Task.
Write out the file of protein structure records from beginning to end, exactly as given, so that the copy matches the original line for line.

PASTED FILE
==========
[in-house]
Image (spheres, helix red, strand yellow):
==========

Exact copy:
[in-house]
Image (spheres, helix red, strand yellow):